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Statistics and Law Practice

Janice Arellano

Statistics and Law Practice

Law firms are no longer sustainable as mere paper pushing factories. Lawyers and law firm leaders need to learn to use and embrace statistics; it is not merely a scholarly endeavor. Statistical data can help lawyers make predictions about cases and case strategy and law firm leaders can determine how to effectively manage costs by tracking billing practices. In order to keep up with today's market and attract future millennial leaders who will inevitably learn empirical research in law, law firms must adopt business practices from other industries. However, many law firm leaders acknowledge that earning a profit is not just the primary goal of a firm. Firms must have a strategy to improve client satisfaction and build a positive work culture.

On December 3, 2015, a LexisNexis company called Lex Machina, introduced new data about trials before the U.S. Patent and Trademark Office. The information will provide lawyers with the ability to make predictions about settlement and patentability. Lex Machina purports that the new research tool will allow attorneys to answer questions such as how often a specific law firm succeeded at instituting trials for petitioners and how often a specific judge relies on a statute. This type of data is critical for intellectual property attorneys but it also is applicable to a personal injury, criminal lawyer, and divorce attorney. For example, information such as a law firm's success rate before certain judges or settlement information on certain types of cases may assist both junior and senior attorneys to determine strategy on case and/or predict the next step based on previous and similar cases.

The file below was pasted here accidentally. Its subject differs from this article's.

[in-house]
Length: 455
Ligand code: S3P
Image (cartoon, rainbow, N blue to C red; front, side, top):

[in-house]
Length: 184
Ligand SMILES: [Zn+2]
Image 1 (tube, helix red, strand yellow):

Empirical data and statistics on client base, billing practices, and case type success may assist a law firm in improving in any of these areas. For instance, if someone at a family law firm keeps track of client demographics and finds out that a certain percentage of their intake requires an interpreter in a specific, foreign language, it may be a positive business strategy to hire a paralegal or lawyer who speaks that language. There are also instances where billing practices are tracked and it is determined that discovery is costly and as a result certain types of discovery can be outsourced at an affordable rate rather than keeping that task in house. Based on survey responses for Huron Legal consulting, many areas of data analytics use include law department management, i.e., matter budgeting, legal project management (24 percent), outside counsel/law firm management (17 percent), and rate/fee negotiation (16 percent). 

Without the need to purchase statistical software, it may be wise for lawyers to begin using statistics and data tracking in their everyday practice. For example, simply keeping track of information such as case type, appearances before judges and outcomes on those cases, cost of settlement on certain cases, and tracking billing costs for certain assignments can go a long way in case strategy and ultimately increase success rates.